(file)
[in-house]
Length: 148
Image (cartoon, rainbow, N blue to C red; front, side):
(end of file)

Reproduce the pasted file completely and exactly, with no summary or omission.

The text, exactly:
[in-house]
Length: 148
Image (cartoon, rainbow, N blue to C red; front, side):